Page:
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Re: Philosophical discussion of security (was: Re: [hackers-il] The wheel reinvention mystery)

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  • Nadav Har'El
    ... Are you looking for abuse? Posting on a heated subject, and in English, on the Hamakor list? I m not joining your game, and returning this to hackers-il.
    Message 1 of 5 , Sep 22, 2006
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      On Fri, Sep 22, 2006, Omer Zak wrote about "Philosophical discussion of security (was: Re: [hackers-il] The wheel reinvention mystery)":
      > I am cross-posting this also to discussions@..., because the
      > altered topic is more appropriate to Hamakor discussions than to the
      > general philosophical atmosphere of Hackers-IL.

      Are you looking for abuse? Posting on a heated subject, and in English, on
      the Hamakor list? I'm not joining your game, and returning this to hackers-il.

      > > Also, people also tend about security as a binary thing, either there is
      > > "security" or there is "no security", and obviously "security" is better
      > > than "no security". In reality security is a broad spectrum, and there is
      > > *always* a tradeoff betwen more security at the cost of more money / less
      > > functionality / less convenience.
      > Yes. Please tell us what is your threat model and how (in your opinion)
      > should Hamakor deal with each threat.

      You (and the "first sysadmin" in question) is acting like Hamakor's site
      is some sort of unique site that needs unique protection. In fact, it and
      your "threat list" is hardly unique. The threats you list are the same for
      *every* web site: almost every web site wants not to be defaced, contains a
      bit of personal data, does not want to be taken over by spammers, and so on.
      So every "linux distribution", which already cater to web site builders,
      already take these threats seriously. They already have timely and automatic
      security updates, firewall, secure defaults, system-call firewall (i.e,
      "selinux"), rootkit and change detection, stack-smashing-protection and many
      other things.

      Indeed, you may argue that these measures protect against the "typical"
      threats, and may not protect against extremely dedicated and clever attackers
      with zero-day attacks up their sleeve. So what - are you expecting any of
      those to target Hamakor's site? If these attacks come on Hamakor ever, say,
      10 years, what kind of functionality/cost/convenience cost are you agreeing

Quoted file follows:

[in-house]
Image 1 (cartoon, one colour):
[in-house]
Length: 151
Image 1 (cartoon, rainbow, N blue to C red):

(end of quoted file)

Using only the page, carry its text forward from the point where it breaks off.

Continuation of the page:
to incur in order to reduce their frequency to once every 20 years? (yes,
      this is what the security/functionality tradeoff looks like).

      Anyway, it appears you completely missed my most important point: perhaps
      *some* of this sysadmin's actions are (somehow) justified by security.
      But he hung *every* one of his actions on security, and you believe him
      implicitly just because of the word "security".
      For example, he refused to install Perl on the machine, stating that one
      interpreter (PHP) is enough, and having another one will open more holes.
      Really - do you seriously believe that? Perhaps one specific worm that depends
      on Perl will fail on a machine without Perl, but do you seriously believe
      that this will hinder a serious attacker for more than 5 minutes? How hard
      is it for an attacker to install Perl himself, if he wants Perl *that* much?

      And this "Perl" thing is just an example. It just goes to show you how easy
      it is for people (like you) do defend bizarre actions just because they were
      done in the name of "security" or have a weak smell of "security" in them.

      > A quick and dirty threat model is as follows:
      > 1. Membership information - should be guarded (even if a single person's
      > ID can be easily obtained by other means, we do not want to release the
      > IDs of 100 people, about 50% of them are successful).

      Most web sites in fact contain MUCH MORE sensitive data than Hamakor's
      membership list (which only lists 200 people and does not contain any
      financial information, credit card numbers, or anything even a bit interesting
      to crackers). The fact you're getting overworked by a "list of ids" is very
      strange, considering how you can find these ids everywhere: go to any
      university and see id lists hanging on the wall or used as computer user ids,
      for example. Lists (originally created for use in elections) of millions of
      Israeli citizens, their personal details and ids, are floating around with
      every criminal being able to get them.. Office buildings (like the one I
      mentioned) already take the physical id cards of thousands of "successful"
      (as you call them) people who come to the building, and can do with them
      much more than just copying the id numbers.

      > 2. Financial accounting - can be viewed, must not be tampered with.

      These have no business being on the Internet site, and never were on the site.

      Nadav Har'El | Friday, Sep 22 2006, 29 Elul 5766
      nyh@... |-----------------------------------------
      Phone +972-523-790466, ICQ 13349191 |Seen on the back of a dump truck:
      http://nadav.harel.org.il |<---PASSING SIDE . . . . . SUICIDE--->
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